Welcome

 

James Paul portrait

Welcome to the Department of Anesthesia within the Faculty of Health Sciences at McMaster University. The department has experienced steady growth over the last 10 years and is currently comprised of 34 full-time faculty and 165 part-time faculty.

Our major strength is people and several members of the department are in significant leadership roles within the hospitals and academic programs. Our hospital partners include Hamilton Health Sciences and St. Joseph's Healthcare locally, but we also reach out into the community through the Waterloo Regional Campus and the Niagara Regional Campus.

- Dr. James Paul, Professor & Chair



News

Events

MERIT Rounds - How Poor Assessment Practices Make us Unsafe (Dr. Eric Warm)

This presentation introduces a closely related concept: educational safety. It will review the elements of programmatic assessment through a safety lens, and challenge those who create such systems to consider a host of ideas that will be discussed.

This event will be online only: https://bit.ly/MERITJanRounds2022

Tell me I'm Great: How Poor Assessment Practices Make us Unsafe


Psychological safety is the shared belief held by members of a team that the team is safe for interpersonal risk taking. This presentation introduces a closely related concept: educational safety. Educational safety considers the essence of what constitutes psychological safety for learners. Just as psychological safety can improve care outcomes, educational safety should be able to improve educational outcomes. Students experience educational safety when they feel that they don't have to constantly self-monitor, and yet the medical education system often creates conditions where this kind of safety is impossible. Medical education can and should create systems of assessment and feedback that promote growth mindset and master adaptive learning. The presenter will review the elements of programmatic assessment through a safety lens, and challenge those who create such systems to consider three ideas: 1) Assessment should minimize risk, not lead to it; 2) Most assessment and feedback should be for learning, and not of learning, and 3) Good enough should be excellent and make "best" irrelevant.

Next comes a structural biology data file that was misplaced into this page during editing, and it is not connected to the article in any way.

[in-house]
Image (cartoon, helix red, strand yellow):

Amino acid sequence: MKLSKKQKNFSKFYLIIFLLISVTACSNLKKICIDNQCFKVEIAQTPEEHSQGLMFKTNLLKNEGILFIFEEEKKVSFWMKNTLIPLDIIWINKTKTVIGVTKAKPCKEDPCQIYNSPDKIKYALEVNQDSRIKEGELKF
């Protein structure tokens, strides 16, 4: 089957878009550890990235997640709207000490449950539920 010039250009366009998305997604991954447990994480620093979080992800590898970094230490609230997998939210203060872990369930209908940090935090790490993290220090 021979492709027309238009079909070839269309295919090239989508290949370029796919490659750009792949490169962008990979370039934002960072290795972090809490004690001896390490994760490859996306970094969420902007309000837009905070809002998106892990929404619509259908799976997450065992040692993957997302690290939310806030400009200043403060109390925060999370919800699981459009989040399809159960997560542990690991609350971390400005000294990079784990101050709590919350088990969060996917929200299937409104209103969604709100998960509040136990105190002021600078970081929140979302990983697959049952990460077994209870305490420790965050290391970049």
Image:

Speaker:

Eric Warm M.D. is professor of medicine, vice chair for graduate medical education, and internal medicine residency program director at the University of Cincinnati. His team researches novel mechanisms to assess educational and clinical performance within the context of residency training to improve learning and care. He has a particular interest in the emerging field of ‘Learning Analytics’, techniques that interpret educational data to describe, characterize, and predict the learning behaviors of individuals in higher education. Dr. Warm has received multiple teaching awards including the Royal College of Physicians and Surgeons of Canada International Residency Educator of the Year Award.

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